In spite of the great strides made, thousands of young people, from newborns through age 20, continue to die or experience serious injuries that could have been prevented had they been properly restrained in a child safety seat, booster seat, or safety belt. The most recent statewide seat belt survey, conducted in 2015, reports a 97.3 percent seat belt use rate. Seat belt and child safety seat programs continue to focus on statewide and local public information campaigns, increased enforcement, and community education, outreach, and training. More specifically, the programs provide child safety seats to low-income families, conduct child safety seat check ups, and educate teens about using seat belts.
OCCUPANT PROTECTION PROGRAM AREA GOALS
- To increase seat belt compliance
- To increase child safety seat usage
- To reduce the number of vehicle occupants killed under the age of eight
- To reduce the number of vehicle occupants injured under the age of eight
2017 PROGRAM HIGHLIGHTSKeeping Baby Safe- Right From The Start
With California’s new child passenger safety law requiring all children under two years old to ride rear facing in an appropriate child safety seat unless they are either 40 pounds or 40 inches tall, Butte County Public Health Department recognized a key opportunity to improve the safety of infants and children under two years of age traveling in motor vehicles. Activities included: presentations in pediatrician offices and childbirth and WIC classes; distribution of over 5,000 copies of educational materials disseminated in 48 countywide locations; two NHTSA certification courses resulting in 34 new Child Passenger Safety Technicians and one recertification course resulting in an additional five Child Passenger Safety Technicians; the establishment of two new fitting stations for Butte County residents; six “roll call trainings” resulting in 75 law enforcement officers trained in all laws related to occupant protection; 49 traffic safety education classes impacting 583 parents, caregivers, and professionals; and seven child safety seat checkup events. Through the classes, checkup events and fitting stations, 106 grant-funded child safety seats were distributed.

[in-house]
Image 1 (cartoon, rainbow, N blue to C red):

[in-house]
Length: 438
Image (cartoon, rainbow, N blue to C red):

Training Professionals To Promote Older Driver Safety
The Training, Research and Education for Driving Safety (TREDS) program at UC San Diego provided training to health care providers, law enforcement officers, and other professionals to improve their ability to identify and manage the referral of older adults with impairments that affect driving. Training topics included cognitive and physical impairment, medications, and criteria for reporting drivers for re-examination by the California Department of Motor Vehicles (DMV). TREDS reached target audiences through in-person and online trainings, publications, and outreach to medical schools, training over 650 clinicians and distributing over 3,100 screening guides. TREDS also collaborated with the California Highway Patrol to train approximately 5,000 CHP officers on the Driver Orientation Screen for Cognitive Impairment. Training on driving impairments associated with medical conditions and older roadway users was delivered to additional audiences, including DMV Driving Safety Hearing Officers and the California District Attorneys Association.
Keeping Everyone Safe
The CHP implemented a statewide project to address the need for established safety and mobility programs for older drivers to prevent traffic injuries and fatalities. The project promoted the establishment of multidisciplinary community-based collaborative groups who assessed safety and mobility issues and made recommendations to address the needs of the senior driving community. The collaborative groups included members from public and private organizations, including law enforcement personnel,health and aging professionals, and transportation agency representatives. The CHP also partnered with the DMV to educate the motoring public with specific emphasis on older drivers. A total of 422 senior driver traffic safety presentations were conducted, impacting 16,262 people.